Lately I find myself struggling to find the balance as our season in life changes. Isn't it amazing how you can finally start to get your footing in a stage, then wham! everything dumps over and we start again. In only a few short years we have gone from a bustling homestead full of teens, to an empty home with a grand baby.
When our children became adults, a whole new need for balance came with it. While we are still there parents, and forever will be, we are not their boss- nor should we be. There is need for balance to maintain a healthy relationship without hindering their independence. When asked by a parent how this is done I simply responded- it looks different to all of us.
For me, there is a tendency to tell them how to do it (not very balancing). As you can imagine this tends to grind nerves and set distance between us. Putting into practice the balance of being available without being in the way has helped quite a bit. I'm not saying there aren't times when a bit of 'motherly direction' slips out, but occasional is better received than constant.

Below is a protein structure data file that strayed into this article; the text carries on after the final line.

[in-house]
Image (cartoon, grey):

Along with balancing our advice and directions, I found our time needs balanced. When they first left, they seemed more eager to come home for a weekend. Time as shown them visiting less and less, as is natural with growing independence, Not expecting them to drop everything and come over is part of the balance of respecting their space and their schedule.
Grand-parenting is another delicate balance to practice. New mommies don't necessarily take well to constant advice. Being available and willing to let them come to me when they are ready (if at all) is hard, but again, balancing. I can not tell you how hard I find it to sit back and remain silent sometimes (I'm sure it happened when I was a young mom too).
The last balancing I am finding these days is the balance of aging family. Giving our aging or declining families their space, independence, and integrity is hard. I am a do-er, a fixer.. I do not sit back and wait very well. My nature is to jump in and get it done, but that can tip the scale quickly. It isn't easy to let them decide they need help, but it does transition more smoothly if we do.
My empty-ing nest is a new challenge; one I am trying to balance gracefully. So far I have spent a great deal of time crying, praying and most often distracting myself with projects. In the end, I realize the only contentment I will find is in seeking the balance of being where I am, with who I am, for the purpose of what I am.